Introduction by Croakey: In the United States, the politicisation of the COVID-19 response, backlash from communities, and under-resourcing of public health efforts have taken a heavy toll on the public health workforce, a new study reports.
Researchers analysed related media coverage and surveyed local health departments (583 responded out of 2,430 approached) about their experiences in the first ten months of the pandemic.
In total, 335 departments reported 1,499 acknowledgments of harassment targeting leadership, staff, or the department, researchers reported in the American Journal of Public Health in an article titled, ‘Pandemic-Related Workplace Violence and Its Impact on Public Health Officials, March 2020‒January 2021’.
The study also identified 222 cases where public health officials had departed their positions (just over one-third occurring alongside reports of harassment), and includes comments from public health workers like this:
I was trashed on Facebook, like, every day. My kids were accosted at school. They would get e-mails about the fact that their dad was shutting down restaurants and requiring masks. So, you know, people talked to my kids. My wife was accosted at the grocery store.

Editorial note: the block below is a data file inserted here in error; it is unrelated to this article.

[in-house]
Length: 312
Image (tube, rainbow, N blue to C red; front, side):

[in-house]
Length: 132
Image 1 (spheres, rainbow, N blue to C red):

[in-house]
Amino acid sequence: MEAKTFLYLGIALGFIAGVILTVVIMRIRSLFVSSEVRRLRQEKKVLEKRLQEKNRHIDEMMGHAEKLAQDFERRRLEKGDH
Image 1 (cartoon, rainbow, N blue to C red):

I know one county health officer, south of me, who ended up with a death threat. And so it’s surprising the amount of anger that came out over this. They’ll still buckle your seat belt, they’ll put their tray table up when they’re on the airplane, they’ll give their kid an MMR shot before they go into sixth grade.
And all of a sudden the mask becomes this huge invasion of their private liberty and so that was surprising.”
The researchers concluded that interventions to reduce undermining, ostracising and intimidating acts against health officials are needed for a sustainable public health system.
“We recommend training leaders to respond to political conflict, improving colleague support networks, providing trauma-informed worker support, investing in long-term public health staffing and infrastructure, and establishing workplace violence reporting systems and legal protections,” they said.
Meanwhile, in Australia researchers from the Grattan Institute call in the article below for efforts to address burnout of healthcare workers, warning this is a critical issue for patient care and safety.
Stephen Duckett and Edward Meehan write:
The COVID-induced ‘Great Resignation’ among healthcare workers could potentially harm patients. Governments, hospitals, practice owners and other primary care employers should change the way they respond to burnout to better protect patient safety.
‘Burnout’ is a mental health condition caused by job stress. It leads to workers feeling exhausted, ineffective, and mentally separated from their job. It makes them more likely to work part-time or quit.
Multiple Australian studies have found burnout rates of more than 50 percent among healthcare workers, although rates are lower in general practice. US surveys have also consistently shown burnout is higher among doctors, and especially emergency doctors, than in the general workforce.